The Office — Escape from Scranton

When the American version of The Office first appeared, it was condescending in a Hollywood way, written by people who may have once, briefly, worked in a setting similar to Dunder-Mifflin, but always believed they were destined for better things, and got the hell out as soon as they could.

Over time, however, it became habit-forming. Steve Carrell made Michael Scott’s need to be loved idiosyncratic, terribly funny and somehow a reflection of everyone’s inner-narcissist. Contrary to rumor, he was not the terrible boss we’ve all had. He might have shared some traits with bad bosses, but most truly horrific employers want to be feared, not loved. There was also, of course, Jim. From the beginning Jim, and to a lesser extent his beloved Pam, were our surrogates. They were young.  They were not weird. They were more than their jobs, and they fell in love. Communication was not great. It took Pam a while to see what should have been obvious.

Other characters also developed into full-fledged human beings although it took some longer than others. Angela, the office mean girl, needed to be taken down a few dozen pegs before we could consider liking her. As for Oscar, if I’m not mistaken, until the last couple of seasons, he seemed mostly to be there as two-fer, and to make Michael’s jokes that much more embarrassing. Dwight remained eccentric, but matured. Andy’s arc was the strangest. He started out as a nice guy. His pursuit of Erin showed an obsessive side, but we didn’t recognize it for what it was — the first sign of an impending mid-life crisis. He turned into a spoiled, pathetic, attention-whore, whose goal was fame. So in the finale, thanks to a viral video, he got what he wanted in the most humiliating way possible, but then managed to redeem himself and find his dream job because in America there are always second acts. If there was a message, it was this: humiliation and suffering builds character.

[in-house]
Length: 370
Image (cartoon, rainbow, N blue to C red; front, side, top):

But back to Jim and Pam. When they showed Krasinski’s audition in the retrospective, it was clear he had them at “pomegranates.” Steve Carrell might have been the bigger name, but Krasinski was the star in every way that counted. It took Jim way too long to leave and go on to bigger and better things. They gave Pam the thankless task of trying to stop him. She was the future Mary Bailey secretly praying George would not leave town, but stay in Bedford Falls and someday live with her in that big old house. It was easy to imagine Pam’s frustration, and Jenna Fisher is a good enough actor for us to see what wasn’t in the script. It wasn’t just fear, but pragmatism and a little bit of selfishness. Two parents, who never work overtime, are better than one who’s never home, at least for the one who is. Finding a new job and decent childcare is hard, and not having easy access to the grandparents makes it rougher.

Still, when the “buy-out road trip” came up and Jim decided not to do it because nothing was as important as his family, we all felt his decision was killing him. Watching him regress to his prankster role, with Pam as his collaborator, made us wonder how long the charade would last.

So when Pam finally did the right thing and sold the house, so that she and Jim could shake the dust of that crummy little town off their feet, we could only applaud.

The end of The Office was just like the end of It’s A Wonderful Life, if George Bailey had finally gotten the hell out of Bedford Falls.

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